Even the Dunbar Cemetery looks normal during the day nestled on a woodland knoll, an old rot iron fence encircling the graveyard with an elaborate gate, its’ hinges long frozen shut with rust, the corroded metal posts now the color of dried blood. In the daylight I’m not bothered much by the metal that over the years has grown thick and plump with pits and bubbles making it look as though the fence had once been boiling hot. It all seems ordinary in a macabre kind of way, even with several fence posts protrude from an old oak trunk looking as if the tree was swallowing them.
My grandson and I stroll through the property, Devon carrying a stick, me with a camera. We often hike up the hill to the cemetery. The trees that tower above us were most likely sapling all those years ago when the first grave was dug.
Standing on the edge of the cemetery, Devon and I watch the sunlight playing like it does nowhere else on the land. Large droplets of light dart across our feet as the wind overhead tosses the limbs back and forth. Devon runs, trying to catch the light as if it were butterflies that he could stuff into a jar.
Most of the tombstones have been heaved up from the earth, dislodged by time. Leaning against each other helter-skelter, they no longer resemble headstones. The names, dates of birth and death are worn away by the weather as though time could erase sorrowful memories and the dead now lay namelessly in the land.
Small moss covered grave markers lay flat against the earth outside of the fenced in cemetery, tangled in amongst the groundcover of vines and broken twigs making it difficult to tell where the graves actually were. A thick blanket of ivy creeps across the hillside eating these small headstones underfoot, etching trails across the marble’s pitted surface looking like varicose veins on old dried skin. Devon tries to pick one up, but the marble slabs are too heavy and they fall back onto the land as though the earth will not let them go.
I never venture into the cemetery at night. The snapping of fallen dead tree limbs underfoot is enough of a creepy feeling in the dappled sunlight and I cannot help but imagine that in the dark it might sound like I was treading on someone’s old dried bones.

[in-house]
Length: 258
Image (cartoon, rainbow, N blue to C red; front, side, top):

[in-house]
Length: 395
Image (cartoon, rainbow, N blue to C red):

As the evening shadows grow long and the evening air cools, I move closer to the campfire. A glass of wine, the smoky flavor of hotdogs and roasted potatoes cooked in the outdoors lighten the mood as the darkness closes in around my little family.
My grandson sits next to me and displays the treasures he’s found during the day, leaves, rocks and even a dead crawly thing. Soon he’s slipped into his sleeping bag while the adults finish the wine and clear away the dinner debris. The fire slowly burns out and we hear only the clicking of embers cooling in the evening air. The conversation slows too, and we crawl into our sleeping bags, with stars hanging above us in clusters and smoky ribbons of light.
There is music in the night sounds. Insects call to each other, strange animal cries, the rustling of dried leaves brush against each other as the wind hurries up and down a hillside. It is easy to imagine, laying in the dark, that spirits and ghosts are part of the night sounds. And I think about the murdered little boys. I wonder if they once played in the very spot where I was now tucked away in my sleeping bag. I do not imagine them so much as haunting us, but revisiting their play area. Are they curious about my grandson? Did they also find rocks and leaves and dried up old dead bugs?
I know that I will eventually fall asleep but before I do, I listen for any sign that what I am imagining is true. Are there little ghosts tiptoeing around our campsite? I watch the light of a full moon slowly creep over a distant hill and I wonder if those little ghosts have forgotten the terror of that night when Reuben took them into the woods.
No, I will not stand at the fence of the cemetery in the night but I promise those little spirits that I will visit them in the morning before we head back to the city.
You can check out all of our Halloween stories in our Terrific Tales section.